Scientists from around the country will gather in the Black Hills next month to pitch experiments to be performed thousands of feet below ground in an abandoned gold mine.
SIOUX FALLS, S.D. Scientists from around the country will gather in the Black Hills next month to pitch experiments to be performed thousands of feet below ground in an abandoned gold mine.
South Dakota is preparing to take ownership of the Homestake Mine from Toronto-based Barrick Gold Corp. within a month, and that will allow officials to begin preliminary work aimed at turning a burrowed-out area 4,850 feet below Lead into an underground laboratory.
The state's long-term goal is to persuade the National Science Foundation to name Homestake as the site for a new national underground science lab. But scientists are already eager to start work, said Dave Snyder, executive director of the state Science and Technology Authority.
The Homestake Mine and the Henderson Mine in Colorado are finalists for the proposed national lab, to be called the Deep Underground Science and Engineering Laboratory.
Since sending out its solicitation for proposals in November, the South Dakota Science and Technology Authority, based in Rapid City, has received 70 letters of interest from scientists pitching potential experiments in such fields as geology, physics, microbiology and rock mechanics.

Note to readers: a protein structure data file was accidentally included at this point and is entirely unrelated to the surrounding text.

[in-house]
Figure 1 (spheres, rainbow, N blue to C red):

An advisory committee led by Kevin Lesko, a physicist with the Lawrence Berkeley National Laboratory in California, will listen to the presentations and advise the authority.
"They will be evaluating the proposals to provide us with an opinion on how we should prioritize them and how they fit together," Snyder said. "And we have to also understand what they need for infrastructure and they have to understand what we have for infrastructure."
The Feb. 9-12 meeting will include workshops focusing on education and outreach opportunities and physics specialties including dark matter, solar neutrinos and nuclear astrophysics.
The Homestake Mine, which was closed by Barrick in 2003, had sheltered solar science since 1968 with the start of experiments in a crude laboratory 4,850 feet into bedrock. Work done there by scientist Ray Davis Jr. won the Nobel Prize for physics in 2002.
Barrick is donating the mine to the state, and the science authority is in the final stages of working out details in the property donation agreement, Snyder said.
Source: Associated Press